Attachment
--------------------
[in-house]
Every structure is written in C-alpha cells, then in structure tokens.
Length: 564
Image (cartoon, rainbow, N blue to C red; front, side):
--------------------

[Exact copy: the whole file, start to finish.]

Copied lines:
[in-house]
Every structure is written in C-alpha cells, then in structure tokens.
Length: 564
Image (cartoon, rainbow, N blue to C red; front, side):